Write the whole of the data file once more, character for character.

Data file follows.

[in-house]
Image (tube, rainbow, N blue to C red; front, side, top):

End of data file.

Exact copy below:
[in-house]
Image (tube, rainbow, N blue to C red; front, side, top):